The following is taken from the book Short Story Writing: A Practical Treatise on the Art of the Story Story by Charles Raymond Barrett, Ph. B. (1898) Some of the advice still works, but it is a look at how different writing was in the late 1800s. Some say that the Short Story is the only American Literary Art form.
The short story was first recognized as a distinct class of literature in 1842, when Poe’s criticism of Hawthorne called attention to the new form of fiction. Short story writing had, however, been practiced for many years before that: perhaps the narratives of Homer and the tales of the first books of the Bible may be considered as the first examples; certainly the short story is closely associated in its early history with narrative poems, allegorical tales, and mouth-to-mouth traditions, and it can be traced surely to the fabliaux of the thirteenth century. Later writers aided in its development: Mallory’s “Morte D’Arthur” and Caxton’s popularization of old romances marked a further progress; and some of the work of Defoe and Addison would almost stand the modern tests. But the short story as we know it to-day is a product of the nineteenth century; and it owes its position in literature, if not its very existence, to the work of Irving, Hawthorne, and Poe. They first recognized its possibilities and employed it seriously; and the art and genius which they put into their tales assured the short story a permanent place in literature. They differed in subject matter and style, but they recognized the same requirements and limitations; and the canons which they established then obtain to-day.
The modern short story is essentially an American product; and our masters of its art have established precedents for literary workers of the old world. In England, Stevenson, Kipling and Haggard are considered the originators of the modern short story; and Zola, de Maupassant, Daudet and Paul Marguerite in France, Tolstoi in Russia, and other famous foreign authors have their claims for consideration; but all of them, admittedly or not, are but disciples of the earlier American trinity. This book will confine itself to the English-American short story.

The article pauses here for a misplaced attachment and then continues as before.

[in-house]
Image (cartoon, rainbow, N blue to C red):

To-day the short story is so popular that we seem to be in a new literary epoch—the epoch of the short story—and there is no apparent cause to expect an early diminution in the demand for such literature; so that to the young writer the short story offers the best opportunity to prove his mettle. Then, too, it has the additional value of being an excellent school for the novelist. The short story and the novel have many radical differences; but in material, treatment and aim they are much the same, and the same general training is necessary for both. All short story writers do not become great novelists, nor have all novelists been short story tellers; but it is a fact that the majority of the present day novelists served their ‘prenticeship in the ranks of the short story writers.
This text is one of the first looks at the American Short Story and an attempt to define it. Much of what is in the book is represented today in our short story form. We hope to bring you more from this work, to further examine the form.